T. Greg Hall

On April 18, 2023, MAIP client T. Greg Hall was fully exonerated when the Baltimore City State’s Attorney dropped murder charges against him, following a March decision by the Baltimore City Circuit Court to grant T.’s Petition for a Writ of Actual Innocence and vacate his 1992 murder conviction. For T., who has been home on parole since 2017, the ruling finally clears his name and vindicates what he has said since his 1991 arrest: that he had nothing to do with the murder in question.

In March, I sat in the back row of Courtroom 201 in the Baltimore City Circuit Court, watching MAIP Staff Attorney Maggie Abernethy team up with former MAIP Board Chair Barry Pollack of Harris St. Laurent & Wechsler and Rey Watson of Kramer Levin to give our client T. his long-awaited day in court. As I watched them present witnesses and make arguments, it was hard to believe how far we’d come since I’d first heard about T.’s case a few months after starting as the sole MAIP employee in 2005.


From L to R: Emily Pate, Sophie Vick, Reyhan Watson (Kramer Levin), T. Greg Hall, Maggie Abernethy, David Alexander (Kramer Levin), Barry Pollack, and Randy Kreider (Kramer Levin)


T. had been convicted of a 1991 murder based solely on the testimony of two purported eyewitnesses, whom police said were the only two people to witness the crime. The first, Nancy Hill, said she was walking that evening with her five children when the victim ran past her into an alley, knocking down one of her children. As she reached for her child, two men carrying weapons ran into the alley after the victim. She then heard gunshots and quickly left the area, ultimately telling police that one of the people chasing the victim – whose face was mostly obscured by a black hoodie – was T., whom she knew from the neighborhood. The second purported eyewitness, Gerald Patterson, said he was driving by the scene when he heard gunshots and then saw three men running across the street, one of whom was carrying a weapon. He claimed T. was the person carrying the weapon.

The case against T. was weak, and even the victim’s brother thought T. was innocent. We decided to investigate the case, even though we had no staff attorneys, investigators, or money to hire investigators. Instead, his case was assigned to law student volunteers at Georgetown for investigation in the fall of 2005. Not much older than them, I went with them as we searched for information and witnesses, to no avail.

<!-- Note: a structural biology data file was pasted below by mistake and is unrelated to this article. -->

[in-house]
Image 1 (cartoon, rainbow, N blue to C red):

As MAIP slowly grew, though, the case started to come together. When our first staff attorney obtained the police file decades after T. conviction, it became clear that the state’s case was even weaker than it appeared. There actually had been multiple eyewitnesses to the crime – one of whom emphatically said it was not T., and two of whom gave a description that did not match T. Other undisclosed witnesses also told police about an alternative suspect, who not only had a motive to commit the crime, but whose description matched the description provided by the other withheld eyewitnesses. Moreover, Patterson initially told police that he arrived at the scene 10-15 minutes after the shooting, which was corroborated by another passenger in the car. None of this was disclosed to the defense.

And, after years of effort and the hiring of multiple lawyers and investigators, witnesses finally started talking. The two people who were with Patterson that night confirmed that they arrived well after the shooting and did not see who was involved. Two of the eyewitnesses who were not disclosed to the defense were located; both confirmed that as they had told police in 1991, T. was not involved. Finally, last year, Patterson admitted that he hadn’t seen the shooting at all and that he’d made up the story because police had arrested him on drug charges and were threatening him.

Patterson and the other witnesses testified at the March hearing on T.’s Petition for a Writ of Actual Innocence. Although the State did not contest any of our evidence, it argued (tepidly) that we did not satisfy the required standard because of Nancy Hill’s testimony. The judge rejected that argument after a mere six days, issuing an opinion on March 15 granting the Writ.

When T. filled out our questionnaire in 2004, he wrote that “I always hear about DNA testing helping out prisoners, but what about prisoners like me that DNA can’t help…” That’s precisely why a committed group of volunteer lawyers started MAIP in 2000 and precisely why I wanted so badly to do this work. I couldn’t help T. on my own, but with your generosity and support, we’ve hired an incredible staff that can and did help him.

Thank you for that. And thank you to an incredible village of people who helped T. along the way. That team includes Maggie, Barry, and Rey, as well as Staff Investigator Sophie Vick, whose optimism and skill led to Patterson’s recantation. It also includes Staff Investigators Emily Pate and Jake Richardson, Legal Director James Moody, Senior Counsel Michele Nethercott, contract investigators Sean Gordon and Pili Greenfield; Daniella Gordon of Armstrong Teasdale and Mary Walsh from Friedman Nemeck & Longformer; former MAIP staff Parisa Dehghani-Tafti, Lindsay Dressler, Ben Flick, and Charles McLaurin; volunteer investigators James Trainum and Brad Garrett; and more than a dozen law students from Georgetown, George Washington, and Stanford.